“It’s mundane stuff, I don’t want to delegate small things otherwise my team will think I am dumping on them.”
The reasons (excuses) for not delegating are many. I have client organizations where the CEO (in a 10,000 employee company) has to approve every requisition for a new hire. In another, one senior leader approves all new laptop purchases. While these two leaders are well intentioned, and maybe there was good reason why these processes started, those reasons doesn’t apply today. All that happens is that they slow down decisions, gum up the works and everything grinds to a halt waiting for “approval from the exec”.
An inability to let go impacts organizations and teams of all sizes, from the start up to the Fortune 100 organization. From the new manager to the most experienced senior executive.
When leaders fail to let go they act as the role models that others emulate. When control is tightly maintained at the top of the company then leaders throughout the organization exhibit similar tendencies in their areas of focus. It’s a cascade effect that helps no one.
My guess is that if you take a look at your schedule for the last week, if you reflect on the discussions and decisions you made there will be several examples where you were stuck in the weeds. Decisions that should have been delegated, discussions you got involved in ‘because you have a passion for that topic’. Just because you can doesn’t mean you should. The hallmarks of an effective leader is knowing when to step up and step out of the way.
How do you learn to let go?
As with any engrained habit this will take time and practice. Here are some tips to help you get underway
- Ask yourself “Do I really need to be involved in this?” if the answer is “I’m not sure” or “I don’t think so” then back off!
- Ask others “Do I really need to be involved in this?” the risk of only asking yourself is that you may be stuck in denial and believe in your need and expertise to get involved… in everything. Empower your team to tell you when to back off!
- When letting go it doesn’t mean that you have to step back completely. However, don’t ‘throw the piece of work over the fence and hope your team member catches it’, making sure of a successful outcome will make it easier for you to let go of the next piece of work. When delegating take into account the experience and skills of the person to whom you are delegating, provide coaching and support as needed, so that you, and they are confident that things are moving in the right direction.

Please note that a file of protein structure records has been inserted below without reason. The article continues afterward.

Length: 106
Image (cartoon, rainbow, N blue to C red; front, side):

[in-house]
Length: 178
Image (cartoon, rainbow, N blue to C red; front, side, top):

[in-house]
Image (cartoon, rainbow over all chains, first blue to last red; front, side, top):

- Set clear expectations. Discuss your expectations for the end result, any potential concerns and let your team member know when to escalate and involve you. Articulate the potential warning signs of a project going off-track to avert potential disasters; Which decisions they are empowered to make without reference to you, and which need your involvement; and be clear on milestones and review dates. This last point is critical. It allows you to follow up without micromanaging, and, if needed provide guidance and course corrections before things become critical.
- Involve your team. Let others know that you are trying to let go and get out of the weeds. Ask the team to tell you if you are getting in too deep and can let go.
Don’t allow the illusion of being in control prevent you from doing the most important task you have as a leader and manager – developing those that report to you. Build a team that can work independently and interdependently, where trust is explicit and clear communication and accountability is understood by all. Otherwise you will find yourself with a line of employees at your desk, dependent on you and your input, which will stifle the team’s ability to grow. Don’t be a control freak, learn to let go.